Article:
Some thoughts on BSD
June 5, 2020
I’ve played with BSD on and off over the course of the last few years. I initially messed around with DragonflyBSD for a while, and enjoyed the process (in part because some hackery was required to get it working in my arrangement), and was impressed by how useful the documentation was (in particular,
After acquiring a Thinkpad x200s for little money, I thought it might be interesting to give OpenBSD a shot. It’s been fun to play with, and again, the documentation is excellent, but what struck me more is the sense of coherence the system has. Even compared to a minimal Debian install, the pieces of BSDs seem very well put together. Software has clear function, it does it well, and the interfaces, even for relatively complex things, are clear and simple.
There is plenty of neat linux software available too, and much that I wouldn’t be without, but inevitably one runs into systems whose design beggars belief. On OpenBSD by contrast, I often find myself thinking that their solutions make sense, and address their problems directly and clearly. It’s unclear why some of the linux equivalents are so complicated.
A recent example of this for me was mail. For one reason or another I’ve never set up a mail server of my own, and thought it would be worth learning how to do it, just so I could understand mail systems better.
I may later put one out in the wild for my own email.
SMTP and IMAP are simple enough protocols, they’re testable by hand using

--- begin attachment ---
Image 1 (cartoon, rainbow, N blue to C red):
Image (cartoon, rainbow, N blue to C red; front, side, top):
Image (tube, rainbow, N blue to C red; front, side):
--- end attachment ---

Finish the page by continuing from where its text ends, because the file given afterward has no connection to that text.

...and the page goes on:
I messed around with
exim for a while (the default mail transfer agent on Debian), and found reading through documentation somewhat painful.
I then decided to try OpenSMTP. The most striking thing was that an easy minimal configuration is provided in the
man pages, and it’s clear what that configuration does.
Moreover, defaults tend to start locked down, and you open up function as needed (which also means, you understand each piece of function as needed).
This makes reasoning about security in the system much simpler.
I could run OpenSMTP on linux just fine, but my impression with OpenBSD’s tools (and BSDs more generally) is that they’re very well designed, and have excellent UX. Not UX in the sense of some narcissistic bullshit webapp, but the kind of experience where you don’t feel like you’re being treated like a child, and where you have the sense the designers care about avoiding users time spent thrashing around trying to figure out what the hell is going on. Like they actually care that things work for you. This makes me tempted to switch to a BSD on my main machine.
Most, if not all, of my toolchain would port across very naturally. I might miss a few compilers, but I find myself using
C11 and basic Unix tools exclusively more and more. It’s certainly very tempting.